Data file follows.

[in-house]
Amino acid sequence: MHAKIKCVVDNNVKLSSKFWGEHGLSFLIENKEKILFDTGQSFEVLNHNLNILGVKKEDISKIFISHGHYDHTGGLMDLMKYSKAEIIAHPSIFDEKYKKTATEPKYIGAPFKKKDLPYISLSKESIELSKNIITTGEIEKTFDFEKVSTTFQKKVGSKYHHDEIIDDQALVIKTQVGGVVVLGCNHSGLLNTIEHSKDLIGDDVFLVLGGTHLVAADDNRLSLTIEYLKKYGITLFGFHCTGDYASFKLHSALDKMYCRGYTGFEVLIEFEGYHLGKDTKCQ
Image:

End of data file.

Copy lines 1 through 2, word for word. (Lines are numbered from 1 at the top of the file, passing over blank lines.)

[in-house]
Amino acid sequence: MHAKIKCVVDNNVKLSSKFWGEHGLSFLIENKEKILFDTGQSFEVLNHNLNILGVKKEDISKIFISHGHYDHTGGLMDLMKYSKAEIIAHPSIFDEKYKKTATEPKYIGAPFKKKDLPYISLSKESIELSKNIITTGEIEKTFDFEKVSTTFQKKVGSKYHHDEIIDDQALVIKTQVGGVVVLGCNHSGLLNTIEHSKDLIGDDVFLVLGGTHLVAADDNRLSLTIEYLKKYGITLFGFHCTGDYASFKLHSALDKMYCRGYTGFEVLIEFEGYHLGKDTKCQ